3.        The axial search coil should be put in the centre of the 10-turn coil. Otherwise, the result obtain would not be the maximum value which may affect the angle through which the axis of the search coil.

Possible Improvements

  1. Measure the frequency generated by the signal generator each time when the effect of varying frequency on induced e.m.f. is observed to ensure the signal generator gives out desired frequency.
  2. Place the search coil as near in the centre of the 10-turn coil as possible to reduce the error.

Page

...read more.

This student written piece of work is one of many that can be found in our AS and A Level Fields & Forces section.

Found what you're looking for?

  • Start learning 29% faster today
  • 150,000+ documents available
  • Just £6.99 a month

Not the one? Search for your essay title...
  • Join over 1.2 million students every month
  • Accelerate your learning by 29%
  • Unlimited access from just £6.99 per month

See related essaysSee related essays

Related AS and A Level Fields & Forces essays

  1. Using a search coil and CRO to investigate the magnetic fields generated by alternating ...

    Random Error CRO The CRO is used for the measurement of the potential difference across the capacitor. The smallest division is 0.1V. Maximum possible error is �0.05V Maximum percentage error of the measurement: � 100% = 5% Ammeter The ammeter is used for the measurement of the current passes through the capacitor.

  2. Objective of Experiment. To use a search coil and CRO to investigate ...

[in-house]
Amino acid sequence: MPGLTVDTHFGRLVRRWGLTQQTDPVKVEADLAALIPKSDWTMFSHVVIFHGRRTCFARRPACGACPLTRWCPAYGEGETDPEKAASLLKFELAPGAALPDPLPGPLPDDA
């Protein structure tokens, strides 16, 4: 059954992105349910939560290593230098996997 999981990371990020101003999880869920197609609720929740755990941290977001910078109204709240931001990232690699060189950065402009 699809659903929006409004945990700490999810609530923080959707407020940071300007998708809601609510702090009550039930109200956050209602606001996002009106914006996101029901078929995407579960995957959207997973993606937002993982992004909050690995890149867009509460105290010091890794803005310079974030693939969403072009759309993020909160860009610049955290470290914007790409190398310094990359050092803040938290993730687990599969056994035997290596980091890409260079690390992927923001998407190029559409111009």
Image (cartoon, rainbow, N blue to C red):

The result was then tabulated. Results Signal generator frequency f = 5000Hz Length of vertical trace on CRO l/cm 0.80 1.40 2.10 2.80 3.40 Current I/A 0.1 0.2 0.3 0.4 0.5 4.00 4.60 5.20 5.55 6.40 0.6 0.7 0.8

  1. What Affects the Strength of Magnetism Exerted By an Electromagnet?

    Lines of flux are never directly transferred from piece of metal to another. In this case, the lines of flux induce magnetism into the nearest paperclips. These paperclips will then induce some of their magnetism into other nearby paperclips. Taking the above diagram and theory into consideration, the transferred magnetism

  2. Measuring The Constant g; The Acceleration Due To Gravity

    - 1.2 9.8286 Conclusions To Data To conclude, the above results show to the high degree of accuracy and precision I calculated 'g', the second method proving even more effective than the first. My final calculated value for 'g' is 9.81, to 2 significant figures.

  1. Investigating a factor affecting the voltage output of a transformer.

    20V* 1/2=10V If we half V1, V2 should also half; when V1=10, V2 should =10 (when N1 and N2 are equal) 10V*1=10V when V1=10, V2 should=20 (when N2 is double N1 [step-up transformer]) 10V* 2/1=20V when V1=10, V2 should=5 (when N2 is half N1 [step-down transformer])

  2. To investigate the effect of current on the strength of an electromagnet field.

    of the magnet and so its permeability as ferromagnetic materials such as iron have large magnetic pereambility. This will be kept constant by using the same wire coiled around the magnet throughout the experiment. 3. Length of Soft Iron The longer the soft iron bar , the more domains there

  1. Investigation of determination of flux density of magnets(plane)

    By adding small weights to the other side of the frame, I can finally make the balance go the equilibrium. There fore the magnetic force is equal the restoring weight. In this case, I will use some little pieces of paper as they are small and light enough to get an quite accurate mass value.

  2. To see how the number of coils on an electromagnet affect its strength.

    Apparatus: The apparatus that we used were: o 4 Volt Power pack o Crocodile Clips o Wires o Solenoids o Iron nail o And paper clips Diagram: Plan: My plan is to see what effect the number of coils has on the strength of an electromagnet.

  • Over 160,000 pieces
    of student written work
  • Annotated by
    experienced teachers
  • Ideas and feedback to
    improve your own work